Sarah’s lifetime—the span of Sarah’s life—came to one hundred and twenty-seven years. Sarah died in Kiriath-arba—now Hevron—in the land of Canaan; and Abraham proceeded to mourn for Sarah and to bewail her.

Thus begins Parshat Chayei Sarah. This is the first time we are introduced to the city of Hevron, but it is certainly not the last time. In this week’s parsha, Sarah dies and Avraham needs to find a proper place to bury her. In his search he encounters Ephron, a Hittite, who offers to give Avraham a burial plot for free. Avraham refuses to accept the land as a gift and insists on paying for it– and ultimately overpays for it. He acquires Ma’arat HaMachpeilah– the Cave of Machpeilah– and the land that surrounds it and buries Sarah. Later in our parsha we learn of Avraham’s death, and he, too, is buried in Ma’arat HaMachpeilah next to Sarah.

The first time I was introduced to Hevron– other than through stories such as this in the Tanakh– was in 2003 when I travelled with my father, brothers, and a few family friends to tour the city.

Our trip to Hevron began with a stop at Kever Rachel, the burial site of the matriarch Rachel, located in Bethlehem. Two soldiers in full armor met us at the van to escort us into the building. I remember waiting as I exited the van for the next person to make her way out. The soldier brusquely insisted that I go inside. I pointed out that there was one more person in the van, thinking he just hadn’t noticed her climbing over the seats. He snapped at me more forcefully: “Get inside!” That is when I realized he knew she was there. His job was to make sure that I didn’t stay out in the open where he couldn’t protect me.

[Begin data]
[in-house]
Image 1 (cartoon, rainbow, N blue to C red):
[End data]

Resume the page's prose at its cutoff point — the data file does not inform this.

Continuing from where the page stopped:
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International Rabbinic Fellowship Statement on Tzohar Weddings

December 8, 2011

The International Rabbinical Fellowship calls upon the Chief Rabbinate of the State of Israel to permit the rabbis of the Tzohar rabbinical organization to continue registering marriages and conducting weddings in the State of Israel as has been the practice for the last decade.

The wedding initiative under the auspices of Tzohar has allowed thousands of Israeli couples, who might have opted for non-halakhic avenues, to marry under the wedding canopy according to the laws of Moses and Israel. Furthermore, it has brought many more to greater love for Torah and the commandments and respect and appreciation for tradition in the spirit of “Her Ways are ways of Gentleness and all he paths are peaceful”. The important work of Tzohar is a Kiddush Hashem, a sanctification of God’s name, which should be strengthened and supported.

Tzohar’s wedding project has also been a tremendous resource for many couples from here in the United States and other areas of the Golah looking to celebrate their weddings in the Jewish state.  Many of these couples would not have had the opportunity to create as joyous and meaningful a wedding were it not for the work of Tzohar.

We call upon the political and rabbinic establishment in Israel to ease this process and not put up more roadblocks that cause dissention and create difficulties for those who would avail themselves of this avenue of Huppah and Kiddushin.   We include in this ensuring the right of every Israeli citizen to register for weddings in the municipality of their choosing regardless of residency.


Shanda for the Muslims: Quds day is the 30th of Safar, not June 8. By Rabbi Asher Lopatin